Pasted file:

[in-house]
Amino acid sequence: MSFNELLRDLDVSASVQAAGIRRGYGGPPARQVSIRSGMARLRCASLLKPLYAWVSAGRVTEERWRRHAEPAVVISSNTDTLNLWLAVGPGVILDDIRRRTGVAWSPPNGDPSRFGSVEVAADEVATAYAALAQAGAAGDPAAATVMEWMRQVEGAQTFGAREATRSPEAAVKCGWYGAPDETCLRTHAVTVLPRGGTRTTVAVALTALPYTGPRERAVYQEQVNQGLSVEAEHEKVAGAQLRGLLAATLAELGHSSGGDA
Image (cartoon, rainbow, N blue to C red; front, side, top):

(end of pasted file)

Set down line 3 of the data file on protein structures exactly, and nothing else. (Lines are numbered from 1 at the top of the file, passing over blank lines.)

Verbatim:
Image (cartoon, rainbow, N blue to C red; front, side, top):